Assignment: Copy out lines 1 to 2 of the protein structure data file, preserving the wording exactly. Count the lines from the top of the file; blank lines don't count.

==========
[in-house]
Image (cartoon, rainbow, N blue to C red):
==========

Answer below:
[in-house]
Image (cartoon, rainbow, N blue to C red):